On April 1, 1996, the Parkhead fans were in raptures after Jorge Cadete, following a delay of five weeks waiting for his clearance, finally made his debut. Tommy Burns was hoping the late introduction of the prolific marksman might just give Celtic the impetus to get over the finishing line.

The Portuguese striker came on for Andreas Thom in the seventy-third minute and two minutes later scored with practically his first touch of the ball. Aberdeen had already taken a battering and were trailing by four goals, two apiece from Pierre van Hooijdonk and Simon Donnelly.

Peter Grant created the opportunity with a raking pass through the already-exhausted defence and Cadete swept onto it, carried it on and whacked the ball past the advancing Michael Watt.

You only get one chance to make a first impression and the Portuguese striker didn’t pass up the opportunity.

Now there was the little matter of a Scottish Cup semi-final meeting with Rangers at Hampden on Sunday. And there was drama even before the kick-off.

Celtic were informed by Jim Farry, the Scottish Football Association Chief Executive, they would not be allowed to field Cadete.


Apparently, he had not been registered in time for the national competition although the Scottish League had already been satisfied that everything was in order to allow him to play against Aberdeen.

Fergus McCann was not convinced and immediately sought legal advice. It was a courtroom saga that would be drawn out over almost three years.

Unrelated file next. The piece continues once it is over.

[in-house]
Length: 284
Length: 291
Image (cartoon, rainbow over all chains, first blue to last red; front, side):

The stubborn Celtic Managing Director refused to accept any of the explanations put forward by Farry, who was known as an infuriatingly bumptious and punctilious powerbroker within Scottish football’s HQ.

The case revolved around the wording of an International Transfer Certificate for Cadete. Celtic forwarded the ITC to the SFA on March 7 1996, with all the other relevant paperwork arriving a fortnight earlier.

Initially, the club believed the player was a free agent. He wasn’t, but that should have had absolutely no bearing on Farry registering Cadete. Celtic could not convince him of this because of a ‘conditionality clause’ within the ITC.

Under law, this was an irrelevance, as a fax from the world’s governing football body, FIFA, explained. Yet, it was not until Celtic lodged a third application to register the player at the end of March that Farry was eventually persuaded of the fact.

Under the SFA’s 14-day clearance rule, that was too late for Cadete to face Rangers. On March 8 1999 Farry was sacked for gross misconduct.

McCann had won his argument, but it was too late to help Celtic’s Scottish Cup cause three years earlier.

*Extract from The Winds of Change, published by CQN Books and available for the reduced price of £10 from CQNBookstore.


In this week’s Centenary Special, Paul John Dykes speaks to Republic of Ireland internationalist, Chris Morris, about his Celtic career, what the club means to him, and the part he played in introducing ‘The Fields of Athenry’ to the Celtic fans’ songbook.

Enjoy the new Podcast below…


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